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Hurricane Teddy Expected to hit Nova Scotia this Tuesday

As if 2020 didn't already bring enough storm in our lives, we're expecting to see another hurricane early this week (not a metaphor this time).

Image Source- Jay Scotland (twitter)

Hurricane Teddy is expected to hit eastern Nova Scotia and central Newfoundland around Tuesday afternoon and will put these areas at high risk of power outages. It is expected that along with high speed winds (going up to 100kph) and large waves, this moisture filled storm will also bring rain of upto 100mm in these areas. Hurricane Teddy is also expected to have an impact on portions of the Leeward Islands, the Greater Antilles, the Bahamas, Bermuda and the east coast of the United States.

In a press release, Matt Drover, Nova Scotia Power’s storm lead, said that the province has already begun taking precautions for the hurricane and is opening the province's Emergency Operations Centre in advance.

Here are some of the precautions you should take if you are in any of the regions expected to be hit by the hurricane-

Keep a safety kit. Find the recommended Red Cross safety kit check list here. It's always a good idea to ensure that you have supplies for at least 72 hours when expecting a storm.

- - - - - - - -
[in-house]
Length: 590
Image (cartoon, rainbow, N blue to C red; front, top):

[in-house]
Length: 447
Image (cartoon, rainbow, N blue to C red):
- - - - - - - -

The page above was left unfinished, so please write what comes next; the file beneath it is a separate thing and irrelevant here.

Steer clear of all electrical cables as these can get charged up and can potentially cause electric shock. Click here to find Nova Scotia Power's storm guidelines.

Ensure that your power generator is safe. Follow this guide. Also, don't attempt to access your electrical panel if there is water around.

Avoid parking vehicles near trees

Ensure that your pets are inside.

Keep monitoring storm updates. You can do so by clicking on this link.

Grocery stores may have particularly longer line ups as stores would also need to follow covid-19 restrictions pertaining to social distancing and maximum number of people in an enclosed space. While it is definitely recommended to stock up, one should avoid hoarding as this may result in others not getting access to supplies as stores may not be able to keep up with increasing demand on this short a notice.

University students and those working from home should also keep in mind that power outages would mean no Wi-Fi and may therefore disrupt class and work schedules. Students who have live class sessions and are residing in hurricane prone areas should consider requesting their professors to record their lectures in advance.

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